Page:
At an event like the Quail Lodge Motorcycle Gathering, held every year at the swanky Carmel Valley, California golf resort, you see a lot of very expensive stuff. The collected dream machines of platoons of millionaires. Motorcycles that have been lovingly stripped to the tiniest components and then rebuilt by experts to be better than new, spotless examples of the finest two-wheeled engineering humanity can produce.
Frankly, I can see how one may begin to get a little jaded, which explains why the judging at Concours events seems so harsh. The judges must get fatigued by all the near-perfection…cracked Bakelite? And a faded registration sticker? How dare you besmirch these hallowed greens with your trash! You seen one immaculately restored Series C, you seen ’em all.
That’s why I was drawn to a scuffed and battered old Triumph owned by a fast-talking Brit named Jonnie Green. Green has a little side business, Ton-Up Classics, selling vintage motorcycle parts and memorabilia, so one day in 2004 an estate-auction outfit called him up—would he be interested in looking at a pair of old Triumphs and a garage full of old motorcycle stuff in San Diego? Jonnie hopped into his ’59 El Camino and drove down from L.A. to pick everything up—”I didn’t know what I had until I got home.”
What he got, along with a 1948 Tiger 100, was a 1957 TR5/R, a very special and rare bike indeed. Basically a street-legal factory roadracer, 104 TR5s were plucked from the assembly line and rolled into Triumph’s racing department. There, the motors were blueprinted (Triumph referred to its race-prepped engines as “Red Seal”) and fitted with a long list of works hop-up parts—dual race carbs, race-spec cams and valve springs, tappets, valves, pistons, exhaust, gearbox, clutch, quick-detach lighting and other parts that are probably impossible to find today. The chassis was also upgraded with “the latest type non-fade rear suspension units,” rearset footpegs, air-scoop-equipped front brake and even a lightweight alloy front fender.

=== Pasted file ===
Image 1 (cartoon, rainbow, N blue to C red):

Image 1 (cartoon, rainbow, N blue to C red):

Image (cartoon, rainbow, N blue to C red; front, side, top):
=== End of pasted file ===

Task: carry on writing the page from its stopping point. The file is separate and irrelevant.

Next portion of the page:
The original owner, a guy named Shorty Dufree, according to Green, didn’t race the bike. But he did ride the pee out of it—Jonnie pointed out the scrapes on the exhaust headers—and kept it in almost-stock condition (he changed the fuel taps) until he stopped paying to re-register it in 1983. A serious connoisseur, he may have been the only owner of a ’57 TR5/R to not race the machine after paying $959 for it, which means it’s probably the only example in original condition. Green says he’s found 7 or so other owners around the world, but they only have the original frame and engine. This bike—number 40—is unrestored, virtually all original, and incredibly, still running fine: Jonnie rode it 120 miles the day before the Quail Lodge event.
The story of this TR5/R is what makes it special. Anybody (or at least any wealthy person) can order up a replica or perfectly restored example of a rare or significant motorcycle, but it won’t have the story or the historic glow of a bike like Green’s. “I love restored bikes, but I keep the original unrestored bikes. I’m very lucky; it just came my way. Some things are meant to be in life.”